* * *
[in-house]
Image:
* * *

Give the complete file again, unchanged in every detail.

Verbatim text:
[in-house]
Image: